- Crossed branches. Does it look like any of the branches on your tree are crossing? If so, that’s a definite sign that a trimming is an absolute must. When a tree is left to grow without being attended to, the branches can start crossing over one another, and then they do, they can start rubbing together. This can damage the bark, which can lead to the decay of the branches, and that decay can spread to the rest of the tree. Furthermore, as the bark wears off, the affected branches will become weaker, which can increase the risk that they’ll fall off.
- Deadwood. Another sign that it’s time to trim a tree is the appearance of deadwood. Like broken branches, deadwood – especially in large quantities – can be a sign that your tree is dying. If that’s the case, the decay will spread throughout the rest of the structure; however, if you have the affected branches trimmed, you could potentially save the tree.
- Excess greenery. If the branches on a tree in front of your house have become so dense, that’s a telltale sign it needs a pruning. The denser the branches, the less nutrients will be delivered throughout the entire structure; plus, the tree can become top-heavy and could potentially topple.
- Misshaped trees. If your trees aren’t pruned on a regular basis, they’re bound to become misshapen. Take a step back and look at the overall appearance of your tree; if it seems like it’s bulging out in certain areas or it appears denser on one side than it does on the other, you’ll want to have your tree trimmed as soon as possible. Not only will the aesthetic appeal of the tree be negatively impacted, but other problems could arise.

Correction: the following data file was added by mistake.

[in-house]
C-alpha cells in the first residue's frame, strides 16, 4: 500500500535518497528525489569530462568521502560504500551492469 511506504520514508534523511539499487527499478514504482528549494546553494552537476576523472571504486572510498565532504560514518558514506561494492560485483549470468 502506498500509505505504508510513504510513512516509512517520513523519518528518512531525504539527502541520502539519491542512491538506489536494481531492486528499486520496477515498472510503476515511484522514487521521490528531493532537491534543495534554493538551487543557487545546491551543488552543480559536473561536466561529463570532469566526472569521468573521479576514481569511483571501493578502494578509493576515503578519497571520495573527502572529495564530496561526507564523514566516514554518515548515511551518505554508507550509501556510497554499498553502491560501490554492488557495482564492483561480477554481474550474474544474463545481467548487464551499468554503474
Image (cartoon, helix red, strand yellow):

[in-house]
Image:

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Is There a Difference Between Tree Trimming and Tree Pruning?
While similar, there are some notable differences between tree trimming and tree pruning.
- Tree trimming. Tree trimming is mainly intended to maintain and improve the aesthetic appeal of a tree. It involves removing branches and limbs, giving a tree a more natural and aesthetically pleasing shape. When left alone, trees will become overgrown and the branches can start growing in various directions or can become extremely dense. Trimming addresses this problem.
- Tree pruning. Pruning is intended to not only improve the shape and aesthetic appeal of a tree, but it also helps to improve the health of a tree. It primarily involves the removal of dead, loose, or diseased branches, which can not only detract from the look of the tree, but can also interfere with other parts of the structure.
How Often Should a Tree Be Trimmed?
The answer to that question really depends. There are several factors that will impact how frequently a tree will need to be trimmed, including the type of tree, the age of the structure, and where it is located on your yard. Generally speaking, a tree should be trimmed once or twice a year; however, it may need to be done more frequently. To determine when you should have your tree pruned, examine it every once in a while – especially after storms – and if it seems like the density of the foliage has increased, the branches are overgrown or are crossing over each other, or if it seems that the structure looks misshapen, you should consider having it pruned.